Battle of Maldon
The Viking attacks that had resumed in Britain in the 980s saw perhaps their most significant moment in 991. A Viking fleet of more than 90 ships, so likely to hold a force of more than 3000 hardened and well led warriors, arrived in the River Blackwater near Maldon in Essex. This was not an invasion force, but an open attempt to extract tribute, as their leaders apparently announced to the Saxons who met them.
We know rather more about this battle than we do most of our Saxon history as an heroic poem describing the events survived until the 18th century in manuscript form, albeit missing its first and last parts. Sadly destroyed in a library fire it had nevertheless been copied, so we have the text to this day.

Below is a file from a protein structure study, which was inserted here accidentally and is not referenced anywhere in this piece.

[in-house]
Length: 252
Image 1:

A local Saxon lord Byrhtnoth rallied Essex peasants, and brought his own household who must have provided a number of trained soldiers, but it is thought he was badly outnumbered, perhaps only commanding 1000 men or fewer. Needless to say the Saxons were easily defeated. Byrhtnoth seemingly chose to die fighting rather than pay the money demanded. Appropriately for Maldon to rub salt in the brave lordís fatal wounds Aethelred the Unready soon paid the Danegeld of more than 3000kg of silver to the raiders, the first but far from the last such capitulation.
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